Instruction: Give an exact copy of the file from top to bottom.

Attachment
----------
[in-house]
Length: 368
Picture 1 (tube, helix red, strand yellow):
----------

[in-house]
Length: 368
Picture 1 (tube, helix red, strand yellow):